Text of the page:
As reflected in guidelines recommendations, treatment with P2Y12 inhibitors is a foundational element of therapy for patients presenting with NSTEMI. Before the mid‐1990s, the benefit of treatment of coronary artery disease with percutaneous intervention was limited by stent thrombosis in the setting of aspirin alone or by bleeding among patients treated with intensive anticoagulation. In the mid‐1990s, ticlodipine, a member of the thienopyridine family, became the first commercially available P2Y12 receptor inhibitor and data soon began to show benefit of dual antiplatelet therapy among stented patients.2, 3 Given hematological side effects associated with ticlodipine, clopidogrel, another member of the thienopyridine family, became an attractive alternative. The CURE (Clopidogrel in Unstable Angina to Prevent Recurrent Events) trial showed a 30% reduction in major adverse cardiovascular events when clopidogrel was added to aspirin for treatment of patients presenting with non‐ST‐segment elevation acute coronary syndrome.4 Additionally, within a subset of patients in the CURE trial who were randomized to pretreatment with clopidogrel, results showed the benefits of clopidogrel within 24 hours of randomization and extending long term, without increased bleeding risk.5, 6 Prasugrel, a third‐generation thienopyridine with increased potency compared with clopidogrel, was subsequently developed. The TRITON‐TIMI (Trial to Assess Improvement in Therapeutic Outcomes by Optimizing Platelet Inhibition with Prasugrel–Thrombolysis in Myocardial Infarction) 38 trial showed improved outcomes among patients treated with PCI who received prasugrel compared with clopidogrel.7 However, the TRILOGY ACS (Targeted Platelet Inhibition to Clarify the Optimal Strategy to Medically Manage Acute Coronary Syndromes) trial showed that among medically managed patients, there was no significant difference between the 2 P2Y12 inhibitors.8 Ticagrelor addressed some of the challenges with the thienopyridines, including inconsistent metabolism and irreversible binding. The PLATO (Platelet Inhibition and Patient Outcomes) trial showed a 1.9% absolute reduction in death from cardiovascular causes, myocardial infarction, or stroke among patients treated with ticagrelor compared with clopidogrel.9 Cangrelor, the only intravenously administered P2Y12 inhibitor, is characterized by rapid onset and offset, with platelets regaining normal reactivity within 30 to 60 minutes of cessation,3 making it an attractive treatment for patients undergoing procedures. Trials examining its routine use compared with clopidogrel showed that cangrelor improved outcomes when used during PCI, and reduced the risk of stent thrombosis and death among patients who received it periprocedurally.10, 11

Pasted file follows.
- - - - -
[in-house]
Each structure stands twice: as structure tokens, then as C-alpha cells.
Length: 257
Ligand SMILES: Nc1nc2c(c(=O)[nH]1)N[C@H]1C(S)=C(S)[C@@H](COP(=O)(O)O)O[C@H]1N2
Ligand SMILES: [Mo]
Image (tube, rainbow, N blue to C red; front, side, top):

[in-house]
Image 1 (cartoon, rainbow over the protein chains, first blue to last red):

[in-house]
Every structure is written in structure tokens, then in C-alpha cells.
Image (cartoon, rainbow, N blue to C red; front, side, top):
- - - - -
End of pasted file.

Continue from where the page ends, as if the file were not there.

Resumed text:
Large bodies of data all show the benefit of treatment with dual antiplatelet therapy including aspirin and a P2Y12 receptor inhibitor. Although the landscape of treatment with P2Y12 medications has evolved, the processes of care in the diagnosis and treatment of patients with NSTEMI have also progressed. At the time that the CURE trial was completed, patients underwent PCI at a median of 10 days following presentation and frequently did not have PCI until a second hospital stay, when the acute event was resolved. This is in stark contrast to current management and more‐recent studies in which patients underwent coronary angiography largely within 48 hours. These changes in clinical practice may underlie discordance in results among studies examining outcomes among patients treated with P2Y12 therapy before coronary angiography. Whereas a substudy of the CURE trial showed benefit among patients pretreated with clopidogrel before coronary angiography, the small, randomized ARMYDA‐5 (Antiplatelet Therapy for Reduction of Myocardial Damage During Angioplasty‐5) PRELOAD and PRAGUE‐8 (PRimary Angioplasty in patients transferred from General community hospitals to specialized PTCA Units with or without Emergency thrombolysis‐8) trials showed no benefit.5, 12, 13 The ACCOAST (Comparison of Prasugrel at the Time of Percutaneous Coronary Intervention or as Pretreatment at the Time of Diagnosis in Patients with Non‐ST Elevation Myocardial Infarction) trial similarly showed no benefit in pretreatment with prasugrel.